The kids and aliens talk. We learn that the aliens are afraid to come down to Earth because of how aliens are treated in Earth movies. They actually could’ve done something with this, I thought. Maybe taken a more serious approach. Darren has them listen to some Earth music. I swear he calls it 80s music. Wouldn’t it have just been called “music?” I grew up in the 80s, but I don’t recall it being called 80s music in the 80s. Maybe I misheard him. Anyhoo, we find out that the aliens are kids and their dad shows up and is pissed at them. Here’s a point that I thought could’ve been more effective had we seen Darren’s home life. He’s the one that points out that the aliens are kids and that the big creature is their father. A comparison to his own life perhaps? Maybe had we seen it?!
A long story short, the boys leave the ship and crash in a pond down on Earth. The ship sinks. Ben’s crush spies on them and later gives Ben a note, and then all four of them fly back up to space using some dream amulet the aliens gave them before they left. I don’t know; I was pretty much just waiting for it to be over by this point.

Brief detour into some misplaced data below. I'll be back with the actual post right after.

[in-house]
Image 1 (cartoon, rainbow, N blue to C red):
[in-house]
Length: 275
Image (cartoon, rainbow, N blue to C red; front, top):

A good movie for kids, not so much for adults. It’s attempted fun with a lack of purpose. River Phoenix is greatly missed. Unfunny aliens. Maybe if they had had more time during production and didn’t rush things, we could’ve had something more concrete and worthwhile. I for one, simply didn’t care for this movie at all. I believe I’m going with a D+ on this one. Sowwy.
JUST SOME IDIOTS GIVING SURPRISINGLY AVERAGE MOVIE REVIEWS.